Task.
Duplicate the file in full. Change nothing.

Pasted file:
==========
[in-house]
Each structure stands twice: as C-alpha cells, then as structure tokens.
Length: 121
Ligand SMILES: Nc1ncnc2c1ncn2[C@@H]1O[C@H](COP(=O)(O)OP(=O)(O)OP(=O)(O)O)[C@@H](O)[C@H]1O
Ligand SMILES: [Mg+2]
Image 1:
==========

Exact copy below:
[in-house]
Each structure stands twice: as C-alpha cells, then as structure tokens.
Length: 121
Ligand SMILES: Nc1ncnc2c1ncn2[C@@H]1O[C@H](COP(=O)(O)OP(=O)(O)OP(=O)(O)O)[C@@H](O)[C@H]1O
Ligand SMILES: [Mg+2]
Image 1: